Level 1: Quoted prices (unadjusted) in active markets for identical assets or liabilities.

Level 2: Observable, market-based inputs, other than quoted prices, in active markets for identical assets or liabilities.

Level 3: Unobservable inputs to the valuation methodology that are significant to the measurement of the fair value of the assets or liabilities.

 

The fair value guidance describes three main approaches to measure the fair value of assets and liabilities: (1) market approach, (2) income approach and (3) cost approach. The market approach uses prices and other relevant information generated from market transactions involving identical or comparable assets or liabilities.

 

The income approach uses valuation techniques to convert future amounts to a single present value amount. The measurement is based on the value indicated by current market expectations about those future amounts. The cost approach is based on the amount that would currently be required to replace an asset.

 

When available, the Group uses quoted market prices to determine the fair value of an asset or liability. If quoted market prices are not available, the Group will measure fair value using valuation techniques that use, when possible, current market-based or independently sourced market parameters, such as interest rates and currency rates.

 

17


 

2.              PRINCIPAL ACCOUNTING POLICIES (CONTINUED)

 

2.17   Revenue recognition

 

The Group derives its revenues principally from merchants’ use of the Group’s core platforms in connection with online marketplace platform services, on-demand logistic platform services, and comprehensive logistic solution services.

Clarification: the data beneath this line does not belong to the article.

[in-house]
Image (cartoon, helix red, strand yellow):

·                  Platform Service

 

On-demand Logistic Platform Service

 

The Group provides on-demand logistic platform services through its self-developed on-demand logistics platform (“Dada Platform”) where the Group assists the customer, a registered merchant, in finding a deliveryman (“Driver”) to complete a delivery requested by the customer. The Group acts as an agent as it is not the primary obligor and does not bear the inventory risk. The service fee is the difference between the amount paid by a customer based on an upfront quoted fare and the amount earned by a Driver based on expected time, distance and other factors. The Group earns a variable amount from the customers and may record a loss from a transaction when an up-front quoted fare offered to a customer is less than the amount the Group is committed to pay the Driver. The service fee is recognized on a net basis at the point of delivery of merchandise. The loss of a transaction is recorded in fulfilment expenses in the Consolidated Statements of Operations and Comprehensive Loss.

 

JDDJ Marketplace Platform Service